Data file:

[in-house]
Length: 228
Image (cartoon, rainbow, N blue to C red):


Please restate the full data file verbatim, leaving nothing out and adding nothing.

[in-house]
Length: 228
Image (cartoon, rainbow, N blue to C red):